Though vitamin C supplementation has shown no observed effects on stroke prevention in several clinical trials, uncertainty remains as to whether long-term, low-dose intake influences the development of stroke among general populations. Furthermore, the association between circulating vitamin C and the risk of stroke is also unclear. For further clarification of these issues, we conducted a meta-analysis of prospective studies.
PubMed and EMBASE databases were searched, and the bibliographies of the retrieved articles were also reviewed to identify eligible studies. Summary relative risk (RRs) with corresponding 95% confidence intervals (CIs) were computed with a random-effects model. The summary RR for the high-versus-low categories was 0.81 (95% CI: 0.74 to 0.90) for dietary vitamin C intake (11 studies), and 0.62 (95% CI: 0.49 to 0.79) for circulating vitamin C (6 studies). The summary RR for each 100 mg/day increment in dietary vitamin C was 0.83 (95% CI: 0.75 to 0.93) (10 studies), and for each 20 μmol/L increment in circulating vitamin C was 0.81 (95% CI: 0.75 to 0.88) (5 studies). Few studies reported results for vitamin C supplements (RR for high-versus-low intake=0.83, 95% CI: 0.62 to 1.10, 3 studies).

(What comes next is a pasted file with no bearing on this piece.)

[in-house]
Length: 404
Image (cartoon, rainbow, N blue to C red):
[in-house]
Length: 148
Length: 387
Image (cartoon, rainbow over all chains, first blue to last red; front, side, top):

This meta-analysis suggests significant inverse relationships between dietary vitamin C intake, circulating vitamin C, and risk of stroke.